14ymedio, Natalia López Moya, Havana, 4 November 2021 — Havana does not have money for recycling. The capital’s Raw Materials Recovery company asserts that the cash has not been deposited in the bank and that it cannot pay the recyclers, who day by day roam the streets in search, mainly, of plastic, aluminum, iron, cardboard and bottles.
“What will come here when there’s silver will be tremendous. Over 15 days of people collecting and unable to be paid” says Germán, a retiree who this week tried to sell a bag with several glass bottles collection point at Benjumeda and Retiro, in Centro Habana.
Germán receives a pension of 1,700 pesos each month, with which he barely manages to buy food for two weeks. These days he has survived with the sale to individuals of bottles of rum and beer, mostly, which are reused by mini-industries to pack tomato puree, garlic paste, Creole mojito and other sauces.
There is also business with bars and restaurants, good clients of the collectors, since the state businesses where they buy beer require them to deliver two empty bottles for one full.
“It is not like before, when there were many people looking for life like this,” explains Germán. “People look for something else, it is better to be a colero [a person who stands in line for others] than to live off this, everything is expensive,” he says discouraged. Some of the recycling collectors that remain in Centro Habana come to Benjumeda to sell the few cardboard boxes and plastic bottles that they managed to collect, but they only find the door of the recycling point closed and the poster with the slogan of the company: “We recover values.”
The collector trade is legalized as self-employment. In 2019, of the half a million licenses to practice private work, some 5,000 were for the collection of raw materials that the State repurchases in the more than 300 centers it has in the country. Waste collectors must pay around 30 pesos a month for their license, in addition to Social Security taxes.
But there are also the workers who operate without any authorization, as an extra job and sell directly to individuals. They see the garbage on the street, collect it and put it discreetly in a small bag.
Luis Carlos, 44, a resident of Cerro, in a barracks near Manila Park, made a living until about two years ago by picking up soda and beer cans from the trash. “I even invented a way to crush them without going through so much work and made good money, but now you can hardly make a living from that,” he says.
“Many of the products that came in cans have disappeared. They sell a little bit more in stores when they appear, or now they come in plastic jars or glass bottles,” he says. “Finding a can of soda in the garbage now is complicated because there is very little supply, and the families that could buy that product before, no longer have enough money for that.”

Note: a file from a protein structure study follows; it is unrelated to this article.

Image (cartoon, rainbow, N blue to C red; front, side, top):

Added to the shortage of raw materials are the warning letters from police and inspectors that have now increased due to the “spread of epidemics…Then the fines come and you can even go to prison for a year,” says Germán.
With the business downturn, recyclers like Luis Carlos have decided to search for plastic bottles. The farmers buy them to pack the yogurt they sell, but it is not that they find a lot of them and a lot of work is spent stomping around Havana to look for them.”
His hope is that with the reopening to tourism, on November 15, there will be more cans in the trash and the business will make sense again. “But whether or not, I’ve turned to threading plastic pipes and galvanized pipes because I can no longer live on the cans,” he explains.
The failure to pay the sellers of raw materials is not exclusive to Havana. “You arrived after weeks of work and solving the transport problem to carry the bags of cans or bottles, and the place for weighing and buying raw materials was closed, or they were not collecting due to lack of money and people began to stop going,” Niurka Primelles from Ciego de Ávila explains to this newspaper.
“My husband and I bought from the collectors, packed the cans and other metal waste and took them to sell. The recycling business helped us finish our little house and we lived without luxuries but without problems,” she recalls now. “One day we left a large lot that they never paid us for, every time we went they gave us evasions and that is not possible.”
“There was a lot of misinformation and the listings of places that buy them were not accurate, one day you would arrive and they would tell you that they were only buying ferrous materials and the next that they were only buying cardboard or bottles. The purchasing was unstable and that caused many to stop collecting because they could not guarantee that the State would buy the product from them.”
Now the family sells spices such as cumin, oregano and bay leaves that they buy in bulk and pack in small envelopes that are sealed with a small sealer they invented. “We want to go back to the recycling business but we will have to wait because here they have not been buying raw materials for a long time.”
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